Enter the Miyagi-verse with 'The Karate Kid Collection'

Practice your "wax on" and "wax off" with Exclaim!'s handy series roundup
Enter the Miyagi-verse with 'The Karate Kid Collection'
In partnership with Sony Pictures

Before Johnny Lawrence opened his very own Cobra Kai dojo in 2018's nostalgic TV series Cobra Kai, there was Daniel LaRusso in The Karate Kid. While there have been many franchise forms — a surprising four video games, an animated series and a 2010 remake — it can all be traced back to one canon, known affectionately to fans as "the Miyagi-verse."

Of course, this paints a confusing picture of the Karate Kid series; but not to worry! Sony Pictures has brought together the first three films in the franchise with The Karate Kid Collection, a six-disc, 4K Ultra HD set for maximum enjoyment. Not unlike our trip to the Underworld, Exclaim! will once again break things down for you. Enter the Miyagi-verse!

The Karate Kid (1984)

If you were a kid in the '70s and '80s, you knew who Pat Morita was. If not by name, you saw him in tons of stuff, notably as the proprietor of Arnold's on the beloved sitcom Happy Days. When he was cast as Mr. Miyagi in 1984's The Karate Kid, it had that John Travolta / Pulp Fiction effect; it revitalized his career all the way to a Best Supporting Actor nom. But it also launched the career of Ralph Macchio, making him one of the most recognizable faces of 1980s mainstream cinema. 

Macchio plays Daniel LaRusso, a teenager starting school in Reseda, CA. Before long, he's crushing on Ali Mills (Elisabeth Shue), and this leads to a schoolyard beating by Johnny Lawrence (William Zabka), a black belt from the Cobra Kai dojo. But fear not! Like a superhero, Mr. Miyagi intervenes and defeats Daniel's pursuers with ease. As it happens, Miyagi is the handyman in the building Daniel and his mom had moved into. It's here where they connect for the first time, and Miyagi eventually agrees to teach the bullied teen the art of karate. "Wax on," anyone?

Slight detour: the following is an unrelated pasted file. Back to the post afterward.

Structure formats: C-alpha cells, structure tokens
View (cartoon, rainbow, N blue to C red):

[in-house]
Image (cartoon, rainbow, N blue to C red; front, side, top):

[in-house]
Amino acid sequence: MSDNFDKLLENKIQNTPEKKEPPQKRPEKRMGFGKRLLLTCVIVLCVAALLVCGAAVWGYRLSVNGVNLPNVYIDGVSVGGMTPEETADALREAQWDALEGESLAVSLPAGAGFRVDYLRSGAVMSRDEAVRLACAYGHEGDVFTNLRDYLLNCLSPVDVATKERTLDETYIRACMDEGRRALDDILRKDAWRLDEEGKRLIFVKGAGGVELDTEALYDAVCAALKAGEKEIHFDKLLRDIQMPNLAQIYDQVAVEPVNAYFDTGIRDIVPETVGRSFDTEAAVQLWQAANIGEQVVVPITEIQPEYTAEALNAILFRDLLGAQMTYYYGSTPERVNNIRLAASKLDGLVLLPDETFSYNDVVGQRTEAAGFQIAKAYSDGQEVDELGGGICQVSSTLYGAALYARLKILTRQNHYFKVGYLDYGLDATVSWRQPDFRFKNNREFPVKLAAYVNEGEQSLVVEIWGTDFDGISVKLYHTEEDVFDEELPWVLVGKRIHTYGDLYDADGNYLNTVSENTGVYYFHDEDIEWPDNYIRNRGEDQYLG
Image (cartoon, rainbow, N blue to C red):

At the risk of revealing a 38-year-old spoiler, Daniel takes it all the way to a tournament showdown with nemesis Johnny Lawrence. Through perseverance and the classic scissor-leg kick, Daniel is victorious against the comparatively vicious martial art of Cobra Kai. And just like that, The Karate Kid becomes a classic in the feel-good sports genre; the underdog kid who succeeds in the end, the triumph of heart over harsh violence. Director John G. Avildsen and screenwriter Robert Mark Kamen were approached by Columbia Pictures after the success of a little project named Rocky. The formula proved successful, and The Karate Kid would be one of the highest-grossing films of 1984.



The Karate Kid Part II (1986)

When sleeper hits awaken, there are sure to be sequels. So of course, 1986 ushers in The Karate Kid Part II. With the directing/screenwriting team of Avildsen and Kamen in tow, Part II once again follows Daniel LaRusso and Mr. Miyagi, but this time it's more about Miyagi's journey. We begin immediately following the All-Valley Karate Tournament at the end of The Karate Kid, where Johnny Lawrence's sensei John Kreese (Martin Kove) attacks his star pupil in frustration. Miyagi has none of it, and humiliates Kreese with passive immobilization. While not pivotal to this story's arc, it may have laid the groundwork for the current Cobra Kai series, as a wakeup call for Johnny Lawrence.